The Idaho Department of Correction is facing backlash from Kootenai County residents over plans for a “community re-entry center” that would house inmates nearing the ends of their prison terms and those who fail probation or parole.
The proposed facility is one of several projects aimed at reducing overcrowding in the state’s prison system, where roughly 62% of inmates are held for probation or parole violations – a higher rate than any other state in the country. The state prison population surpassed 9,100 for the first time last month, and that number is only expected to grow.
The Idaho Legislature set aside $12.2 million for the proposed re-entry center during its last session, and the Department of Correction is searching for a site in Kootenai County. Preliminary plans call for a 130-bed facility, staffed around the clock by correctional officers, that provides services such as employment assistance and substance use counseling.
Officials say they are considering new construction or renovating an existing building. Soon-to-be-released inmates would be allowed to leave the facility to begin working in the community. Those housed at the facility would be selected on a case-by-case basis.
Opponents of the project say they recognize the need for programs that ease inmates’ transition back into society, but they don’t trust the Department of Correction and don’t want the area to become a final stop for violent people and sex offenders from other parts of the state.
“Let me make one thing perfectly clear: I am completely aware of the need for this type of facility,” John Grimm, a Hayden resident who’s running for Kootenai County sheriff, said during a community meeting Wednesday evening. “And to the young man who has made a series of bad choices – and now wants to get his mind right, and come back home, and do right and reintegrate properly – to him, I’ll extend my hand and say, ‘Welcome home.’ ”
But Grimm, who owns a machining shop in Hayden, said he doesn’t believe the Department of Correction can safely operate the proposed re-entry center and accused the agency’s director, Josh Tewalt, of sending mixed messages about how the facility would operate. Other attendees of Wednesday’s meeting said they worry about high recidivism rates and the potential for people to run away from the facility.
Tewalt, in an interview Wednesday, said most beds in the facility would be used for inmates nearing the ends of their prison sentences to eliminate “that huge departure from prison life.” Some beds would be reserved for probationers and parolees, which he described as “a new concept” recently approved by the Board of Correction.
Dewalt said the department supervises nearly 17,000 people on felony probation and parole, including about 2,000 people in Idaho’s five northern counties. Judges and supervision officers have few options when those people slip up or lose a job, so they are often sent back to jails or traditional prisons. The Kootenai County facility would provide an alternative to help probationers and parolees succeed.
“I think there’s some confusion, but also some genuine concern that we’re looking to move a bunch of inmates from Boise up to North Idaho, and that’s not what it is,” Tewalt said. “We’re talking about providing better service to a population that is going to return to the area, and then also providing some additional tools and interventions for the population already there on felony supervision.”
In an email, department spokesman Jeff Ray said the facility would serve inmates, probationers and parolees from Idaho’s First and Second judicial districts, which cover Benewah, Bonner, Boundary, Clearwater, Idaho, Kootenai, Latah, Lewis, Nez Perce and Shoshone counties – the entire panhandle region.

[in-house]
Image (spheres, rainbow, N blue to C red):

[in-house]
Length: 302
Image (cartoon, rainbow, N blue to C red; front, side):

But, Ray said, “Our intention is to put resources closest to where they are needed. We believe the supervised population and the number of people releasing to District 1 would support the facility.
“Much will depend on where the facility is ultimately located. I want to make this point very clear – it’s not our intention to bring offenders from around the state to North Idaho.”
About 70 people attended Wednesday’s meeting at the Coeur d’Alene Resort. Grimm spoke in opposition to the re-entry center along with Hayden City Councilman Matt Roetter and local attorney Duane Rasmussen, who led opposition to a proposed Department of Correction work-release center in Kootenai County in 2001.
Roetter told the crowd that he plans to introduce a City Council resolution promising Hayden will not grant the Department of Correction a special-use permit or access to the city’s sewer lines. He suggested local leaders might succeed in blocking the project if other cities follow suit.
Kootenai County Commissioner Bill Brooks received applause when he spoke out against the project at Wednesday’s meeting, saying, “Hell no,” and, “Not in my backyard.”
“If there were a single serious crime, a single rape, a single murder because of this, I would feel personally responsible as an elected official,” Brooks said.
Ryan Higgins, a lieutenant in the Kootenai County Sheriff’s Office, said Sheriff Ben Wolfinger would welcome a re-entry center that serves inmates arrested in the area, “but he doesn’t want Kootenai County to become a hub for IDOC to drop anyone they want.”
“If you could get IDOC to say, ‘Yes, this will only serve Kootenai County inmates,’ I’d be all for it,” he said. “But that’s the problem: They’re not going to promise that.”
Tewalt, the Department of Correction director, said he looks forward to having more detailed discussions about the re-entry center with members of the community.
“These types of concepts,” he said, “they just aren’t going to work if there’s not community support.”
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